King Buddha (Ruthernbridge to Blisland) (Day 8 - Walking Lands End to John o'Groats)


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July 3rd 2011
Published: April 16th 2012
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Sheltered LanesSheltered LanesSheltered Lanes

Walking along narrow lanes to Blisland. Views from Day 8 (Ruthernbridge to Blisland) of our Lands End to John o'Groats (LEJOG) charity walk.
The sound was unmistakeable. Heaving, followed by a short silence, then the distinct splattering of vomit on grass. I doubted it was morning sickness my pregnant camping neighbour was suffering from. The empty cans of Stella strewn around the entrance to her camper van were a sure giveaway.

As we started packing our tent away, I glared across at her with disdain. She didn't see me. On all fours, she was wiping away the last stringy contents of her stomach that were hanging from her chin. I was in a terrible mood. The drunken shenanigans of my expectant neighbour actually had very little to do with my current disposition. Even without her there I would have been feeling the same. The side of my tent had been used throughout the night as a rodent super-highway, and this, coupled with the cold, lumpy, grassless tent pitch, had meant I'd hardly slept.

I really had no one to blame but myself. Before starting this 1160 mile charity walk from Lands End to John o'Groats I believed I knew better than the hiking and camping experts. I thought I'd forego a cumbersome camping mat. I thought just a sleeping bag would do.
Foxglove - The Camel Trail FloraFoxglove - The Camel Trail FloraFoxglove - The Camel Trail Flora

Views from Day 8 (Ruthernbridge to Blisland) of our Lands End to John o'Groats (LEJOG) charity walk.
It takes a lot for me to admit I'm wrong, but this was definitely an error of school boy proportions. Even with wearing enough clothes for a winter's day and sleeping inside my sleeping bag, I often woke up from coldness in the night. The fact our tent pitch was as barren as Namibia's Skeleton Coast only enhanced the issue. It would be several days until we reached anywhere big enough that might stock camping mats and I could rectify my mistake.

The morning sun had yet to rise over the copse of trees that formed the boundary of our campsite. My wife and I had barely spoken a word to each other. When in a bad mood I sometimes have a nasty habit of snapping at her. I was making a concerted effort to keep things peaceful. Luckily, the bad mood didn't last and within an hour of starting the day's 11½ mile walk we were nattering away incessantly again. Considering we had been together 24/7 since starting this charity walk, we had yet to run out of conversation. We talked about anything and everything, but one of the main topics was food. We'd quickly learnt that exerting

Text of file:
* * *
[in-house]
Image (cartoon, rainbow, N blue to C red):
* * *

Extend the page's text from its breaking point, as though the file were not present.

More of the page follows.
Blisland Parish ChurchBlisland Parish ChurchBlisland Parish Church

Views from Day 8 (Ruthernbridge to Blisland) of our Lands End to John o'Groats (LEJOG) charity walk.
so many calories every day also meant we could eat whatever we wanted. With so many local and regional dishes to taste, this was one line of conversation that never dried up.

Since leaving the sanctuary of the South West Coast Path two days earlier, we'd made our own path along roads and lanes. Today it was back onto a dedicated trail again: The Camel Trail. The Camel Trail is an eighteen mile route along the disused Padstow to Wadebridge railway line. It then follows another disused railway line, from Wadebridge to Poley's Bridge, almost reaching the trail's finish point in Wenfordbridge. The latter disused railway line is one of the world's oldest, first opening in 1834. Maintained by Cornwall Council, it sees around 400,000 users each year, generating a much needed £3 million for the local economy.

It didn't take long to reach the Camel Trail from Ruthernbridge. We joined at the old train station of Nanstallon Halt, which had been revitalised by a fresh coat of paint. Here we walked eastwards towards the town of Bodmin. Founded in 530AD, its name comes from 'Bod Meneghi,' meaning 'dwelling of the monks'. Near to Bodmin we passed Boscarne
Flora on the Camel TrailFlora on the Camel TrailFlora on the Camel Trail

Views from Day 8 (Ruthernbridge to Blisland) of our Lands End to John o'Groats (LEJOG) charity walk.
Junction, a station still in use by steam trains for rail enthusiasts. Before reaching the town we branched north towards the finishing point of Wenfordbridge.

With its flatness, this should have been one of the easiest walks so far. The lack of sleep and clingy heat made it much tougher than it should have been. Hugely popular amongst walkers and cyclists alike, we found people far less friendly than The South West Coastal Path. Nobody spoke. Nobody made eye contact. I know we were covered in sweat, but this lack of friendliness knocked our spirits.